We don’t need talking cars: Column – USA TODAY
In Back to the Future Part II, everyone has a flying car in the year 2015. If the federal government has its way, everyone will have a talking car by 2017.
Earlier this month, the National Highway Traffic Safety Administration announced that it will require all new cars to come equipped with vehicle-to-vehicle (V2V) communication technology by the time President Obama leaves office. The NHTSA predicts that V2V technology, which lets cars exchange basic safety data such as speed and location, could reduce traffic accidents involving unimpaired drivers by 80%.
“The results could be nothing short of revolutionary for roadway safety,” said David Friedman, acting administrator of NHTSA. “This is just the beginning of a revolution in roadway safety,” said Secretary of Transportation Anthony Foxx. The revolutionaries at the Department of Transportation are as passionate about eliminating risk as the Soviets were about eliminating the Kulaks.
A government pamphlet notes with pride that “an overwhelming majority of drivers (9 out of 10)” want V2V technology in their cars, which, if true, raises an obvious question: If talking cars are in such high demand, why must the government mandate them? The answer, it seems, is that the government cares about your safety more than you do.
Safety is always an attractive proposition to the overwhelming majority of people who are alive, but not everyone is willing to incur the costs that safety requires. Most people don’t drive 10 miles an hour on the interstate or wear a helmet all day long for the simple reason that safety can be extremely inconvenient and dumb-looking.
If talking cars save as many lives as our car czars predict, consumer safety will come at the expense of consumer choice. If, on the other hand, the technology fails, consumers will be paying for the automotive equivalent of an appendix. The only beneficiaries in such a scenario would be the makers of appendices, close cousins of the ethanol industry.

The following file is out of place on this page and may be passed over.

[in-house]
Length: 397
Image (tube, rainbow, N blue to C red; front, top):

The know-it-alls in government don’t know it all. In its own press release, NHTSA admits that it hasn’t finished “its analysis of the data gathered” about talking cars, even though it already has decided to mandate them. One official referred to the technology’s “game-changing potential” to save lives, as if potential and results were the same. Sarah Palin, if you recall, once was deemed a game-changer, too. But unlike talking cars, she was an option, not a requirement.
Transportation officials like to compare talking cars to seat belts, which are an interesting case in government-enforced safety. When the government first mandated them, it required a specific kind of seat belt, which deprived auto companies of the incentive to invent a better seat belt or a superior alternative. University of Chicago economist Sam Peltzman, after studying the impact of seat belt laws, concluded that “regulation has not decreased highway deaths.” It’s entirely possible that, without seat belt laws, we’d be better off.
Some people are more interested in regulations than they are in safety. Ralph Nader argued long ago that “the consumer must be protected at times from his own indiscretion and vanity.” This mode of thinking lay behind the paternalistic instincts of federal regulators, who see danger lurking everywhere but in their own directives.
In 1983, the band Men Without Hats released a song called “The Safety Dance,” which is something of a misnomer. Dancing, like driving, is an inherently dangerous activity, which is why the town in Footloose outlawed it. The lesson of Footloose is pertinent: When you force people to be safe, you force them to be miserable.
“A man who has nothing which he cares more about than he does about his personal safety is a miserable creature who has no chance at being free,” John Stuart Mill observed, “unless made and kept so by the exertions of better men than himself” (see: Kevin Bacon). This is certainly true, but people have a right to make themselves miserable. The government, however, does not have the right to make us miserable on our behalf.
Windsor Mann is the editor of The Quotable Hitchens: From Alcohol to Zionism.
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